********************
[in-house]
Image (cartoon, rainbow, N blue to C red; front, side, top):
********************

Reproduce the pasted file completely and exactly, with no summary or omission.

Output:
[in-house]
Image (cartoon, rainbow, N blue to C red; front, side, top):